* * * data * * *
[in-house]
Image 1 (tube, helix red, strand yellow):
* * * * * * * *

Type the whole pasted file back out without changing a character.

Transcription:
[in-house]
Image 1 (tube, helix red, strand yellow):